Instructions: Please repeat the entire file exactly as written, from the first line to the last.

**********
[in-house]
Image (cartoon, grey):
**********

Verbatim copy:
[in-house]
Image (cartoon, grey):